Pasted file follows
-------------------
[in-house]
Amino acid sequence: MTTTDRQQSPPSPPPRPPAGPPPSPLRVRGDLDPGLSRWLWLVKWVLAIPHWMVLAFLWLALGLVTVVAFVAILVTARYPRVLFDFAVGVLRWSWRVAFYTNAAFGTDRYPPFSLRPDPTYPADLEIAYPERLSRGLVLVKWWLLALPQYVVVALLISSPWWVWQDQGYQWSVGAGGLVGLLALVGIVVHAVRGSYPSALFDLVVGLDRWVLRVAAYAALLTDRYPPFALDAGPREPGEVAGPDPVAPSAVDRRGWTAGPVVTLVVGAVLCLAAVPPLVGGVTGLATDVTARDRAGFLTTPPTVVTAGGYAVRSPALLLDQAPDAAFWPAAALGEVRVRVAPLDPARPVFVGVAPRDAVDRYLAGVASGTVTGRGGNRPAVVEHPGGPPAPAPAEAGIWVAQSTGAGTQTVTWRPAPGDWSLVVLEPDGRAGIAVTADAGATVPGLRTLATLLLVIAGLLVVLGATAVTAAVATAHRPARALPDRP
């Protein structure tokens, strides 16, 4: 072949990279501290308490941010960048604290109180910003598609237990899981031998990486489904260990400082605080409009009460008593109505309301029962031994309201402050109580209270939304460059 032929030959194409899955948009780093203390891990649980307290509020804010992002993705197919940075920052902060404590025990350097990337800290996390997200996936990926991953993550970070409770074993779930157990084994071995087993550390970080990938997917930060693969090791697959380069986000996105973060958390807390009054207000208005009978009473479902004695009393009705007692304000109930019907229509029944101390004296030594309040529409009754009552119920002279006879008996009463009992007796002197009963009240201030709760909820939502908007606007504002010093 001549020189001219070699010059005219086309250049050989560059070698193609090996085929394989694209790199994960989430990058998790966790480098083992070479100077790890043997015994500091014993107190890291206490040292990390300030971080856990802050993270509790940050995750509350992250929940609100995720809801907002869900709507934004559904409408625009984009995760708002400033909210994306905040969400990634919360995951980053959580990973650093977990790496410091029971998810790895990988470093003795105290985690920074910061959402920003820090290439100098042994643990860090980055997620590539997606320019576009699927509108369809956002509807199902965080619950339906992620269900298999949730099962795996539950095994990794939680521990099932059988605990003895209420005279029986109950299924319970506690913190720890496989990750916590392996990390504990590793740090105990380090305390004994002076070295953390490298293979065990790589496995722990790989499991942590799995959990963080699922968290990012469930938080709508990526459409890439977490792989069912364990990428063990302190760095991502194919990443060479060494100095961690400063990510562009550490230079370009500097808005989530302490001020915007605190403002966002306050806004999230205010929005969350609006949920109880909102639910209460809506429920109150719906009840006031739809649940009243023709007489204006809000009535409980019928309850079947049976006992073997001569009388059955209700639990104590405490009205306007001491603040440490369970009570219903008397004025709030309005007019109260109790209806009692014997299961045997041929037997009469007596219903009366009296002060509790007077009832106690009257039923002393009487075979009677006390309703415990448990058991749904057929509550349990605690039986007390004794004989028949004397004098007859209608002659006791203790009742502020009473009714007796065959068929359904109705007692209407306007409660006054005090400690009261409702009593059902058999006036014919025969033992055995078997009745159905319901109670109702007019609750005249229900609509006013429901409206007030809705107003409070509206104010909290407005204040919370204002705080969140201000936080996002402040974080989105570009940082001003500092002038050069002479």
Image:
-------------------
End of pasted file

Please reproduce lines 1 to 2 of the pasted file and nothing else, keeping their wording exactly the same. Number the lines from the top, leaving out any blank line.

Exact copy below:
[in-house]
Amino acid sequence: MTTTDRQQSPPSPPPRPPAGPPPSPLRVRGDLDPGLSRWLWLVKWVLAIPHWMVLAFLWLALGLVTVVAFVAILVTARYPRVLFDFAVGVLRWSWRVAFYTNAAFGTDRYPPFSLRPDPTYPADLEIAYPERLSRGLVLVKWWLLALPQYVVVALLISSPWWVWQDQGYQWSVGAGGLVGLLALVGIVVHAVRGSYPSALFDLVVGLDRWVLRVAAYAALLTDRYPPFALDAGPREPGEVAGPDPVAPSAVDRRGWTAGPVVTLVVGAVLCLAAVPPLVGGVTGLATDVTARDRAGFLTTPPTVVTAGGYAVRSPALLLDQAPDAAFWPAAALGEVRVRVAPLDPARPVFVGVAPRDAVDRYLAGVASGTVTGRGGNRPAVVEHPGGPPAPAPAEAGIWVAQSTGAGTQTVTWRPAPGDWSLVVLEPDGRAGIAVTADAGATVPGLRTLATLLLVIAGLLVVLGATAVTAAVATAHRPARALPDRP